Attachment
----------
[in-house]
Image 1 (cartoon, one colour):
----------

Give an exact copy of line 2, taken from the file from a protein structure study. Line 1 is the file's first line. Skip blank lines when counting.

Image 1 (cartoon, one colour):